Cross their Forehead, Lips and Heart at the Gospel

My first thought is that we want to keep the Word of Christ with us in all of our body and soul.  You know We make a small Cross on our Four Heads, we are keeping the word on our minds we think about the Word throughout the day, week and as far as you can take it.  We make a sign of the Cross on our Lips, you need to speak the Word of the Lord to help keep it alive.  We make the sign of the Cross on our hearts, our hearts are to keep the Lords Word in a safe place so you can think and talk about it while giving it away to others who may need to hear it.

God “dwells in us.” God’s love is not meant for us alone; we must give it away.  Do small things today and for many tomorrows, with a generous heart.  Give God Away Today!

Let’s look at what “The General Instruction of the Roman Missal” Has to say about it.

  1. The gestures and bodily posture of both the Priest, the Deacon, and the ministers, and also of the people, must be conducive to making the entire celebration resplendent with beauty and noble simplicity, to making clear the true and full meaning of its different parts, and to fostering the participation of all. Attention must therefore be paid to what is determined by this General Instruction and by the traditional practice of the Roman Rite and to what serves the common spiritual good of the People of God, rather than private inclination or arbitrary choice.

A common bodily posture, to be observed by all those taking part, is a sign of the unity of the members of the Christian community gathered together for the Sacred Liturgy, for it expresses the intentions and spiritual attitude of the participants and also fosters them. 

  1. The reading of the Gospel constitutes the high point of the Liturgy of the Word. The Liturgy itself teaches the great reverence that is to be shown to this reading by setting it off from the other readings with special marks of honor, by the fact of which minister is appointed to proclaim it and by the blessing or prayer with which he prepares himself; and also by the fact that through their acclamations the faithful acknowledge and confess that Christ is present and is speaking to them and stand as they listen to the reading; and by the mere fact of the marks of reverence that are given to the Book of the Gospels.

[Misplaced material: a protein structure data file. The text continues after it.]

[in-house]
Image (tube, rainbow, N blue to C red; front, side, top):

2. A t the ambo, the Priest opens the book and, with hands joined, says, The Lord be with you, to which the people reply, And with your spirit. Then he says, A reading from the holy Gospel, making the Sign of the Cross with his thumb on the book and on his forehead, mouth, and breast, which everyone else does as well. The people acclaim, Glory to you, O Lord. The Priest incenses the book, if incense is being used (cf. nos. 276-277). Then he proclaims the Gospel and at the end pronounces the acclamation The Gospel of the Lord, to which all reply, Praise to you, Lord Jesus Christ. The Priest kisses the book, saying quietly the formula Per evangelica dicta (Through the words of the Gospel).

The next time you sign your Mind, Lips, and Heart or Soul with the Cross before the Gospel make sure that it means more than just an external gesture, make sure it is also a prayer and an invitation to give Christ away, to Keep Christ Alive.